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Bechwork History, Family Crest & Coats of Arms



The Anglo-Saxon name Bechwork comes from when the family resided at Beckwith in the Yorkshire parish of Pannal, and it is from this location that the name Bechwork is derived. The distinguished name Bechwork is derived from the Old English word bece, which means beech, and the Old Norse word vior, which means wood. Thus the surname Bechwork indicates the proximity of the town to a grove of beech trees. [1]CITATION[CLOSE]
Hanks, Patricia and Flavia Hodges, A Dictionary of Surnames. Oxford: Oxford University Press, 1988. Print. (ISBN 0-19-211592-8)
The name of Beckwith is said to have been changed from Malbie in the 12th century. [2]CITATION[CLOSE]
Lowe, Mark Anthony, Patronymica Britannica, A Dictionary of Family Names of the United Kingdom. London: John Russel Smith, 1860. Print.


Early Origins of the Bechwork family


The surname Bechwork was first found in Yorkshire, where "most of the armigerous families of the name spring from, and Beckwith, a hamlet in the parish of Pannal, in that county, is probably the cradle of the race. " [2]CITATION[CLOSE]
Lowe, Mark Anthony, Patronymica Britannica, A Dictionary of Family Names of the United Kingdom. London: John Russel Smith, 1860. Print.

Early History of the Bechwork family


This web page shows only a small excerpt of our Bechwork research.
Another 115 words (8 lines of text) are included under the topic Early Bechwork History in all our PDF Extended History products and printed products wherever possible.

Bechwork Spelling Variations


The English language only became standardized in the last few centuries; therefore, spelling variations are common among early Anglo-Saxon names. As the form of the English language changed, even the spelling of literate people's names evolved. Bechwork has been recorded under many different variations, including Beckwith, Beckworth, Beckworthe and others.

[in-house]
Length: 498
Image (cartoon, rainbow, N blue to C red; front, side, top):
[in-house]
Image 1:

Early Notables of the Bechwork family (pre 1700)


More information is included under the topic Early Bechwork Notables in all our PDF Extended History products and printed products wherever possible.

Migration of the Bechwork family to the New World and Oceana


For many English families, the political and religious disarray that shrouded England made the far away New World an attractive prospect. On cramped disease-ridden ships, thousands migrated to those British colonies that would eventually become Canada and the United States. Those hardy settlers that survived the journey often went on to make important contributions to the emerging nations in which they landed. Analysis of immigration records indicates that some of the first North American immigrants bore the name Bechwork or a variant listed above: Sir Marmaduke Beckwith of Aldborough who settled in Richmond County, Virginia in 1748; but he had been preceded by Matthew Beckwith who settled in Connecticut in 1635.

The Bechwork Motto


The motto was originally a war cry or slogan. Mottoes first began to be shown with arms in the 14th and 15th centuries, but were not in general use until the 17th century. Thus the oldest coats of arms generally do not include a motto. Mottoes seldom form part of the grant of arms: Under most heraldic authorities, a motto is an optional component of the coat of arms, and can be added to or changed at will; many families have chosen not to display a motto.

Motto: Jouir en bien
Motto Translation: To enjoy innocent


Bechwork Family Crest Products



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Citations


  1. ^ Hanks, Patricia and Flavia Hodges, A Dictionary of Surnames. Oxford: Oxford University Press, 1988. Print. (ISBN 0-19-211592-8)
  2. ^ Lowe, Mark Anthony, Patronymica Britannica, A Dictionary of Family Names of the United Kingdom. London: John Russel Smith, 1860. Print.

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